No need to spend the weekend reviewing hundreds of field expenses when you can delegate this to a contractor. You can easily find affordable remote freelancers on a platform such as Upwork.com. This works well for tasks such as simple review activities, basic bookkeeping, web research, or IT-related tasks (from developing Google Scripts to updating WordPress). In terms of more expensive contractors such as lawyers, you might be able to find pro bono options (e.g. through TrustLaw). If you end up being the one implementing the task, make sure to check for existing advice and templates on the internet. For onboarding, you might consider looking at templates before drafting an Employee Handbook, for instance. Entrepreneurs love to set up things from scratch but often building on existing templates and guidelines can be more productive.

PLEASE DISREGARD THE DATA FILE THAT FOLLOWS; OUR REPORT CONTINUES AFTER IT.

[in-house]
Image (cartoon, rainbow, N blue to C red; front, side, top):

3. USE A TASK MANAGEMENT TOOL


Don’t be that person who jots down tasks on a random printed out paper - or worse, tries to remember the task without documenting it somewhere. There are simply too many tasks in the life of an entrepreneur to remember them and it is not the best use of your brainpower. Using a shared Google Doc or Spreadsheet can be a decent way to track tasks and discuss them with your colleagues. However, this system faces severe limitations too, due to the lack of reminders and workflows.

It is best to use a proper task management tool and implement a simplified version of Getting Things Done (GTD).